The EU contract envisaged the supply of at least 300 million doses, providing the vaccine was approved as safe and effective. The European Medicines Agency has yet to approve the AZ vaccine for use, with a decision expected on Friday.
EU officials said the best-effort clause was standard for contracts on products in development, but did not relieve the company of an obligation to show an overall effort to develop and deliver the vaccines to the best of its abilities.
They added the firm had not provided sufficient explanations on why doses could not be shipped from stocks at factories which experienced no production problem, like those in Britain.
In a mark of growing distrust, there was a public row after EU officials accused AZ of pulling out of a planned meeting on Wednesday evening to discuss the impasse, only for the company to say it was attending.
And German MEP Peter Liese, a member of the European Parliament’s health committee, said that the UK had “better think twice” about trying to hog a vaccine that he said was “developed with the aid of the German state and European Union money”.
Mr Liese told Euronews: “If there is anyone thinking that European citizens would accept that we give this high-quality vaccine to the UK and accept to be treated as second-class by a UK-based company, I think the only consequence can be immediately to stop the export of the biotech.
“Then we are in the middle of a trade war. So the company and the UK better think twice … If it’s UK first, we need to tell other companies in the world if you treat the Europeans as second class, you will suffer for this.”
Ms Kyriakides backed away from a threat issued on Monday to block the export of vaccines produced within the EU.
“Let me be absolutely clear, the European Union is not imposing an export ban on vaccines or restricting the export of vaccines to third countries,” she said.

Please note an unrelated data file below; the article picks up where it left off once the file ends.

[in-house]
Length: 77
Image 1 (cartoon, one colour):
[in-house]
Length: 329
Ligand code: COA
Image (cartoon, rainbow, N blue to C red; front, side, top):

UK Covid-19 vaccinations: Latest figures
“What we have proposed as a Commission is an export transparency mechanism. What it will do is bring clarity on the production capacity of manufacturers.”
Mr Johnson admitted there would be “ups and downs” in the UK’s vaccination programmes, after the latest official figures showed 220,249 doses were given on Sunday, 279,757 on Monday and 311,060 on Tuesday – well down on the figures in excess of 400,000 achieved on the previous three days, including a record 491,970 on Saturday.
“Don’t forget that these are vaccines that have only just been invented and the batches are only just being approved,” he told the Downing Street press conference.
“I think one of the things that we said at the beginning is that there would be bumps, there would ups and downs, particularly in these early phases as production gets under way.”
The government’s chief scientific adviser, Sir Patrick Vallance, said: “Ten years ago we wouldn’t have been able to do this. That is the extraordinary thing that’s happened.
“The new vaccine technologies have come along that have allowed this to happen. Ten years ago, if this had happened, we would not be in this position. It’s remarkable.”
Commenting on the “lumpiness of supply”, he added: “This isn’t making widgets, these are complex, quality controlled, biological processes.
“It’s not surprising that the supply goes up and down a bit. There will be changes week on week and that’s to be expected.”